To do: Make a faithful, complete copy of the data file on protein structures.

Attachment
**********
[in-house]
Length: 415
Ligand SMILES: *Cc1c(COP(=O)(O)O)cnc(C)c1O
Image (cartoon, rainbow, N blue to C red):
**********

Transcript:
[in-house]
Length: 415
Ligand SMILES: *Cc1c(COP(=O)(O)O)cnc(C)c1O
Image (cartoon, rainbow, N blue to C red):